Revised September, 2009
Computational and Applied
Discrete Mathematics 1
Student Learning Outcomes
Students will demonstrate factual knowledge of
the mathematical notation and terminology used in this
Students will demonstrate the ab
read, interpret, and use
methods related to
weak and strong induction
, set theory,
Students will demonstrate knowledge of fundamental
principles used in
and problem solving.
Students will demonstrate the ability to read and comprehend
combinatoric methods applied to problems in
probability and counting. Students will also demonstrate the ability to apply combinatoric methods as well as weak
and strong in
duction to develop algorithms and basic mathematical proofs.
apply course material along with techniques and procedures covered in this course to
use the knowledge gained in this course
in probability and graph theory
apply algorithms to those problems.
Students will d
evelop specific skills, competencies, and thought processes sufficient to support
study or work in this field or related fields.
Students will a
cquire proficiency in the fundamental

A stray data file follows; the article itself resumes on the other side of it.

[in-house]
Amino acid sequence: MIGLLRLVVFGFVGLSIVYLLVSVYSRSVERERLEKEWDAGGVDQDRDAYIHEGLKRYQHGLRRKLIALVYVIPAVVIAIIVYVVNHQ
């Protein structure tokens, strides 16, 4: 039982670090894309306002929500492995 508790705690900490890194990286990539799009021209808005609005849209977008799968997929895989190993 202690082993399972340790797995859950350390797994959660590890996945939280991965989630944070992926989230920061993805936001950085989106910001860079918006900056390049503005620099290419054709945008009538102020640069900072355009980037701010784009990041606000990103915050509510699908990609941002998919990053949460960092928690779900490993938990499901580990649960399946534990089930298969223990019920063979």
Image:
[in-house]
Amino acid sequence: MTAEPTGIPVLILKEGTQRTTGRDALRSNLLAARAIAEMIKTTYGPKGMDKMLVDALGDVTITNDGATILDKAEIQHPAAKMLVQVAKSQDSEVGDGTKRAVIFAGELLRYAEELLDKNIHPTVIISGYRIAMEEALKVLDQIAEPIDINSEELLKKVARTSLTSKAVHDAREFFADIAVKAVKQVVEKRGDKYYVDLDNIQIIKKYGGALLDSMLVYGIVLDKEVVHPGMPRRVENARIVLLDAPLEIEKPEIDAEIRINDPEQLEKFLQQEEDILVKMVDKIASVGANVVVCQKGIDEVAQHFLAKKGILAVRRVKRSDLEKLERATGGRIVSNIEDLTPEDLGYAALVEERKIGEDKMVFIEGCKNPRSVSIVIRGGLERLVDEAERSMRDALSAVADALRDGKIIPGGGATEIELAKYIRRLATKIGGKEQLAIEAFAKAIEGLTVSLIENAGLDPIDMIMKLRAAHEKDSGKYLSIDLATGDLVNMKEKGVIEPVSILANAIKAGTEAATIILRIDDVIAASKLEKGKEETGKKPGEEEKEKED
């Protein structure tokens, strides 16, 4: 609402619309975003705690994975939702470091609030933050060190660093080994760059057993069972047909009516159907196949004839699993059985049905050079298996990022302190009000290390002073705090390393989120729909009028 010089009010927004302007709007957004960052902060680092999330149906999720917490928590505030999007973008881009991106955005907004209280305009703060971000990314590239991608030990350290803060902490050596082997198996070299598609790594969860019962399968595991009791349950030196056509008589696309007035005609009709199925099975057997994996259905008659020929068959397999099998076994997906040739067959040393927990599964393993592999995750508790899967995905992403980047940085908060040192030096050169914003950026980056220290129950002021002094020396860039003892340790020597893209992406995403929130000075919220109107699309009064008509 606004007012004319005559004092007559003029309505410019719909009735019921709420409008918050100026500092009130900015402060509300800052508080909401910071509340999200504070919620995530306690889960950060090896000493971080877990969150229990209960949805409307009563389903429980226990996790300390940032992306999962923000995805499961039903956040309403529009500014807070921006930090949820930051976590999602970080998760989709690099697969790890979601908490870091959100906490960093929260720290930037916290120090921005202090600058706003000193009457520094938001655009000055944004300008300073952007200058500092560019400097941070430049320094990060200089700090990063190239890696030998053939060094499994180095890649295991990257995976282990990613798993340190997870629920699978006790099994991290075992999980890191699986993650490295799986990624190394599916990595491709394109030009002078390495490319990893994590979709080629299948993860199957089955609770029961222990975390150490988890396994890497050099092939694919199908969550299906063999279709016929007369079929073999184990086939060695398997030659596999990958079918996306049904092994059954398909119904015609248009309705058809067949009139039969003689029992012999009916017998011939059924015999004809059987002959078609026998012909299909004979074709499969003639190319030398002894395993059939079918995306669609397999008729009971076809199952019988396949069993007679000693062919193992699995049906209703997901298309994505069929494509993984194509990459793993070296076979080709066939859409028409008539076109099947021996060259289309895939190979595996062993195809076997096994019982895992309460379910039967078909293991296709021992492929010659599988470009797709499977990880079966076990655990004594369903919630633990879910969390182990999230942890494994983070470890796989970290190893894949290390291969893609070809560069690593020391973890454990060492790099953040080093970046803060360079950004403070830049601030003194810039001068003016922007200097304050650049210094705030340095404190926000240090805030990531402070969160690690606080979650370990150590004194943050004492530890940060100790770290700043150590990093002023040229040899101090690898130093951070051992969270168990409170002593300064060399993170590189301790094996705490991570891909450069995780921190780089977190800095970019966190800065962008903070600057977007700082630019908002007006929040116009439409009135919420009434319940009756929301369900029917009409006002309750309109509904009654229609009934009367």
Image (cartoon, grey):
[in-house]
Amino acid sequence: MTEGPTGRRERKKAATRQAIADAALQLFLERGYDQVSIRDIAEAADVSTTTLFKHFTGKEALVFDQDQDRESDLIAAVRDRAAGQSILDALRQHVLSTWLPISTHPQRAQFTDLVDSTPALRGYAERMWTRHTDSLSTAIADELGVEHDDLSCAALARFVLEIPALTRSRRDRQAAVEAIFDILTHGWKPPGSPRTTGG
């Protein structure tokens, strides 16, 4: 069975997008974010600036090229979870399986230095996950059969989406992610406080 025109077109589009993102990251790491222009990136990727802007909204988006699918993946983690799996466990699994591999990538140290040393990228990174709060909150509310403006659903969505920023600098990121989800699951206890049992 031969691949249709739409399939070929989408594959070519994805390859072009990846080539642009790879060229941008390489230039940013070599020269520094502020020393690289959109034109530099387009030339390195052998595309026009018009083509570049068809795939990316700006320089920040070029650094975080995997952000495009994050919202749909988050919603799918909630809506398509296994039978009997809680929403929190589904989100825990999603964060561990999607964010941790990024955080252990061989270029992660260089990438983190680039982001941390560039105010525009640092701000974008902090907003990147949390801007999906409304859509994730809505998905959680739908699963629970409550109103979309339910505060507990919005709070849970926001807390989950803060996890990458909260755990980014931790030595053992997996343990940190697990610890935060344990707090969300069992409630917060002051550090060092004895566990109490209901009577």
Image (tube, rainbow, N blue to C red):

probability, and combinatorics
, at a level
necessary for more advanced
mathematics courses such as
and Probability & Statistics.
Discrete Mathematics: Lecture Notes, Yale University, Spring 1999
by L. Lovász and K. Vesztergombi .
Let Us Count
, The Binomial Theorem, Anagrams
Identities, A formula for the Fibonacci numbers
Events and Probabilities, Independence, The Law of Large Numbers
Ch. 8, Integers, Divisors, and Primes:
Divisibility, The history of the primes, Factorization, Fermat’s Little Theorem,
The Euclidean Algorithm, Primality testing
, 12, 13;
hs and cy
, Hamilton Circuits, Graph colorings, Matchings
How many trees are there?, How to store a tree
, Minimal spanning trees
Additional Topics; Arithmetic and Geometric Sequences